By Daniel Stolte, University Communications

Thursday

The Huanan Seafood Wholesale Market in Wuhan, China has become the most likely source of the COVID-19 outbreak, according to a new article by Michael Worobey of Arizona.
Wikipedia / China News Service

The Huanan Seafood Wholesale Market in Wuhan, China has become the most likely source of the COVID-19 outbreak, making an alternative explanation possible that the virus leaked from a laboratory in increasingly unlikely research, according to an article published in the journal Science by Michael Worobey, an expert on virus evolution at the University of Arizona.

By digging through health records and genomic and epidemiological data from the early days of COVID-19, Worobey pieced together a detailed picture of the first crucial events that escalated into the global pandemic. Through methodical analysis, he provides evidence that refutes a commonly held conjecture: that the Huanan wet market appeared to be the epicenter of the pandemic only due to a bias in the false market-centric case reports. seafood.

It is now clear that live mammals susceptible to coronaviruses, including raccoon dogs, were sold at Huanan Market and three other live animal markets in Wuhan just before the pandemic, Worobey reports in his article. Coronavirus-like viruses were found in raccoon dogs during the first SARS outbreak, which was facilitated by animal-human interactions in live animal markets in China.

Michael Worobey heads the Department of Ecology and Evolutionary Biology at the College of Sciences.

Michael Worobey
Beatriz Verdugo / UANews

Due to early public health attention to the Huanan market, it was not clear whether the preponderance of COVID-19 hospitalizations associated with the market truly reflected the source of the initial outbreak. Worobey set out to resolve several crucial events that took place in December 2019 and January 2020.

“The question I wanted to address was whether the apparent link between the early cases and the Huanan market was real or just a mirage, because that’s where people were looking for cases,” said Worobey, a professor in the department. Arizona Ecology and Evolutionary Biology.

“Let’s imagine the following scenario,” Worobey said. “Because the first SARS (Severe Acute Respiratory Syndrome) outbreak in 2002-2003 was associated with animals sold in wet markets, there was a system in place in which whenever a doctor saw a patient with pneumonia , he would ask him if he worked in a wet market, and if they did, this case would be recorded as something very interesting. But if a person had identical symptoms but answered no to this question, they would not be recorded as a case. “

In such a scenario, he explained, it would hypothetically be possible to end up with a city like Wuhan, with a population of 11 million, where 50 cases of early COVID infections would appear to be market-related, all the while, there could be 10,000 cases that go unnoticed in the rest of the city.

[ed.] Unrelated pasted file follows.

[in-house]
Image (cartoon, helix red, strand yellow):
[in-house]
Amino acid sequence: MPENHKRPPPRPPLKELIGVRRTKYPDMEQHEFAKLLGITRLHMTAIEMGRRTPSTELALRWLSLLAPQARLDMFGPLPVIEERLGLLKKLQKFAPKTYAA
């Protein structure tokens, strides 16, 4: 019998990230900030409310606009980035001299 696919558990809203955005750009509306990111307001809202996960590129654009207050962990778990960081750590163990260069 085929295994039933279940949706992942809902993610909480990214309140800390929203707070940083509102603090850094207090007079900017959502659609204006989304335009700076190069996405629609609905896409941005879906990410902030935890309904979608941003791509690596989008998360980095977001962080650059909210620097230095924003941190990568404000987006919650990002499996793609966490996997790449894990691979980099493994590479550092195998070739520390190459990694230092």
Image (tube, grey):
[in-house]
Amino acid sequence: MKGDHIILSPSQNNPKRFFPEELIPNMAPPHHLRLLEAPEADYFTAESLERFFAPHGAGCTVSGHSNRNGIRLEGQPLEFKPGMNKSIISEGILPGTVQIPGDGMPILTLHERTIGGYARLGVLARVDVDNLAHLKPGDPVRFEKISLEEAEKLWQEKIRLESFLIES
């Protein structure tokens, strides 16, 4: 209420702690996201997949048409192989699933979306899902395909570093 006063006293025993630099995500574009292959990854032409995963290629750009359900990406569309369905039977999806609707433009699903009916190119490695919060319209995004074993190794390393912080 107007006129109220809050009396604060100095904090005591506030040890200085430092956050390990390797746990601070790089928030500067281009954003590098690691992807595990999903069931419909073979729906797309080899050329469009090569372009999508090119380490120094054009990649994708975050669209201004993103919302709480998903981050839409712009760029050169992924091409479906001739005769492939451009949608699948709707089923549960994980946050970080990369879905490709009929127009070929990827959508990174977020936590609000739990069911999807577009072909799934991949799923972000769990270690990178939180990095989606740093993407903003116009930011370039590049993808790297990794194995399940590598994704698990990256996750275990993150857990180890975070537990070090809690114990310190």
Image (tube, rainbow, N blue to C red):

By specifying that it was the doctors, and not the epidemiologists, who discovered the first patients with COVID-19, Worobey shows that the cases with a history of exposure to the Huanan market could not have been “chosen” before that anyone has identified the market as an epidemiological risk. factor. Therefore, there was a true preponderance of early COVID-19 cases associated with the Huanan market.

Another key finding came when Worobey discovered a discrepancy in a joint report by Chinese health officials and the World Health Organization. According to the report, a patient unrelated to the market was considered the first known case of COVID, exhibiting symptoms on December 8, 2019.

However, this patient did not show symptoms of COVID-19 until a week later, on December 16, 2019, and this radically changes the image presented by the China-WHO report. According to Worobey’s analysis, the first known case is that of a saleswoman in the Huanan market.

“The December 8 case was used by supporters of the lab leaks to claim that the virus could not have appeared on the market since the first case was not exposed to it,” Worobey said. “Moreover, it has led them to claim that the pandemic started at the BSL4 facility at the Wuhan Institute of Virology, because this facility is close to where this person lived and shopped. But it is clear that this patient fell ill after the first cases were reported in Huanan, so it is clear that the virus was circulating in the community at that time. “

He added that since the market is the size of a football field in a city of 11 million people, it would be difficult to explain the pattern of early infections there if the pandemic had not triggered on the market when a virus has passed through a sold animal. to a person.

“It’s important to remember that because only about 7% of SARS-CoV-2 infections lead to hospitalization, the majority go unnoticed, which means we shouldn’t expect the first patients identified to be the first infected or linked to Huanan market, ”he said. “Supporters of the laboratory leak theory should explain what appears to be a crazy coincidence of cases gathering around the market.”

Worobey compared the combined evidence to a “flashing red arrow pointing to Huanan Market as by far the most likely origin site, with failure to halt sales of illegal wildlife in markets like Huanan. as a reason “.

“The way the COVID-19 pandemic has unfolded fundamentally appears to be a direct repeat of the original SARS outbreak,” he said.